When the indebtedness limit is reached and these extraordinary measures have been exhausted, the Treasury Department must prioritize the payment of government bills and obligations.
This means that some bills may not be paid and the government may default on certain obligations, such as payments to government contractors or interest on the national debt. This can have serious financial and economic consequences.
In 2011 and 2013, the debt limit became a contentious issue, sparking a political showdown between Congress and the White House. This led to a government shutdown in 2013, which lasted 16 days, as Congress and the White House could not reach an agreement on raising the debt limit. This has caused great turmoil in the financial markets and strain on the economy.
The government also shut down for four days in January 2018, with the US experiencing its longest-ever shutdown of 35 days between December 22, 2018 and January 25, 2019. This came as a result of a Deadlock over President Donald Trump’s proposed spending package for the US-Mexico border wall.
In recent years, the debt limit has been raised regularly with less controversy, but the debt limit issue can still be a potential political flashpoint.
What would a shutdown mean for the stock markets?
The last thing the markets need right now is more bad news. With interest rates rising, inflation still high, and economic growth accelerating, many are concerned that there is even worse to come with the stock markets.
It is difficult to predict exactly how the stock market will react to a government shutdown, as it will depend on the specific circumstances and the duration of the shutdown. A few days is not likely to cause much concern, but a longer time frame could add to the uncertainty surrounding stocks.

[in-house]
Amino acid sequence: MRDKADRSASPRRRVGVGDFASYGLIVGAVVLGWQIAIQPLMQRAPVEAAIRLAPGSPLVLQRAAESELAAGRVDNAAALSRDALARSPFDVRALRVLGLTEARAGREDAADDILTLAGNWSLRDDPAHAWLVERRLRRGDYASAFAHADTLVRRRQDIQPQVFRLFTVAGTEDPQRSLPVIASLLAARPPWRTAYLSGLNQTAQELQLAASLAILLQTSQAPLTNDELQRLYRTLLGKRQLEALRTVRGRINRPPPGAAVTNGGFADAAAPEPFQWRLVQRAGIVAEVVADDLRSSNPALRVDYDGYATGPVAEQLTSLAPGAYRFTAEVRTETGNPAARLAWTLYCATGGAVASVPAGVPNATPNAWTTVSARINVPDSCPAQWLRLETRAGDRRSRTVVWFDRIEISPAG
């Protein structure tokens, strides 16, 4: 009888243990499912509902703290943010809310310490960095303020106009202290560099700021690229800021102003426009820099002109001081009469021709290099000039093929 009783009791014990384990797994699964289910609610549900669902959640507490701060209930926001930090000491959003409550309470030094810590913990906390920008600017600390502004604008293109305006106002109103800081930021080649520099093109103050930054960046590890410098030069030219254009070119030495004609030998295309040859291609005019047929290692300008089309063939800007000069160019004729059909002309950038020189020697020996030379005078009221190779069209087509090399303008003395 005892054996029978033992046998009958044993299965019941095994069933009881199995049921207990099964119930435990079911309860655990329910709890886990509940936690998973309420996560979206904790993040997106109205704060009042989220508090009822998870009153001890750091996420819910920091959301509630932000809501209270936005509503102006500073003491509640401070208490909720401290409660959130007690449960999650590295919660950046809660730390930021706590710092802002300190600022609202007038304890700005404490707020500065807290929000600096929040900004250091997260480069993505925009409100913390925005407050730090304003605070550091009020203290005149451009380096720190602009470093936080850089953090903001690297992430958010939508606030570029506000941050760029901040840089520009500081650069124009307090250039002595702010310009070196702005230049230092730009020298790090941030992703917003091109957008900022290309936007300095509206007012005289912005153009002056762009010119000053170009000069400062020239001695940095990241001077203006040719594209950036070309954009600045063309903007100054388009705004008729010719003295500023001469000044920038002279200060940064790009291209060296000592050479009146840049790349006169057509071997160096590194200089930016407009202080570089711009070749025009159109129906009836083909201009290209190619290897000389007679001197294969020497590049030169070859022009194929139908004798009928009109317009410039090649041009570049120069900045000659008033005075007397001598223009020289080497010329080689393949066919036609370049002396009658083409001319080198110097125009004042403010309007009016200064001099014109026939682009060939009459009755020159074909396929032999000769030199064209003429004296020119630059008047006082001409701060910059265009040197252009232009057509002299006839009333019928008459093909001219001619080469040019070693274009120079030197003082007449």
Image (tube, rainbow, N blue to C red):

That said, Congress is not currently facing any particular issue as contentious as Trump’s wall. With that in mind, it is unlikely that we will see a prolonged shutdown as we say in 2018/19.
How can investors help protect against insecurity?
Right now, the markets are like a little kid scared by the monsters under the bed. There are constant scares and bumps that make them very nervous and on edge, particularly after the ordeal in 2022.
It means that stocks in particular are primed to react strongly to negative news.
That’s why many analysts are predicting that volatility will continue, at least through the first half of 2023. So what do you do as an investor? Sit on the sidelines and wait? It could, but then you risk missing out on the best days when the market starts to turn.
One way to stay in the game while limiting your downside is to implement coverage strategies. You know “hedge funds”? Yes, that’s where they got their name from. They do a lot of fancy financial stuff to make sure they always make money, no matter if the markets are going up or down.
Sounds complicated? This. Fortunately, there is an easier way.
Use Q.ai. We have packed all this technical financial knowledge into our portfolio protection, which acts like a hedge fund in your pocket. It implements complex strategies such as hedging, without any input from you.
Is that how it works.
Available in all our foundation kitsEvery week our AI analyzes your portfolio and assesses its sensitivity to a variety of different risks. These are things like interest rate risk, volatility risk, and even oil price risk.
It then automatically implements sophisticated hedging strategies to help protect against them. He repeats this process and rebalances coverage strategies every week to make sure the plan is always up to date.